In late 2014, I received an unusual voicemail. The person on the other end was a fisherman, and wanted to know about the health of the local waterway. He had found my name via our university website and thought I might be able to help. I returned his call and we spoke for about an hour about fishing, the weather and the local waterway. He was a member of Trout Unlimited and wanted to know if there was a way to monitor his local stream. At the time, I gave him a number of suggestions- he could collect a sample and bring it to campus or a local lab, or we could meet to take a look together. After I hung up the phone, it struck me that there were very few options available for citizen scientists who might be interested in monitoring their local water quality that were able to give the kind of data fisherman might be interested in and also inexpensive. That fall, my research group collaborated with the local group to create a low-cost Arduino based water sensor we would eventually name the AWQUA (Autonomous Water Quality Utility for Analysis).
This project utilized the resources of Penn State along with the input of a local community group in order to fill a gap in knowledge of local water quality. Many small waterways are not monitored, or only occasionally assessed by USGS or the EPA if there is a concern in a larger adjacent waterway. For example, a chemical spill in the Monongahela River might affect the Youghiogheny River, which is a tributary, but only the Monongahela River is routinely monitored. By connecting with community groups of concerned citizens and helping them to become citizen scientists, we are creating a data network that will give much more comprehensive picture of our local water quality.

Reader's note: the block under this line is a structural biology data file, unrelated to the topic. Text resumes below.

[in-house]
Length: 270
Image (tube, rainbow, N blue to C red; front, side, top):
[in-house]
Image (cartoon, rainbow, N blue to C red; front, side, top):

There are a few initial hurdles to collaboration in this way; the first being a conversation about initial design ideas. We met several times in the early stages of the process to help put together the outline of the initial capabilities for the sensor. The community and my research group worked together by creating vision boards, then breaking out those boards into specific capabilities for the sensor. This was done using large pieces of paper headed with suggestions for development, such as size, capabilities, cost, etc. It was important to work together to translate the words of the community members from these pages into a research project. As part of the design process, student researchers broke down the community conversations into what was feasible versus what the community wanted.
For example, if a community member said they wanted to know the health of the water, we worked to break that down into sensing dissolved oxygen and water temperature. It was important to make sure ideas were heard before discussing what ideas might be feasible for the sensors. Returning to the example of the dissolved oxygen sensor, this aspect did not ultimately move forward in the design process due to the expense of inclusion of this type of sensor. To keep the project within an affordable cost (we used ~$100 per device), the number of sensors included was reduced and the housings were 3D printed, rather than purchased. The design advantage of using 3D printing to create the housings was flexibility within the design of the housing, which was an advantage in the long run. Being open about these design trade offs and the reasons behind design changes was important to helping the community feel involved and heard during the design process.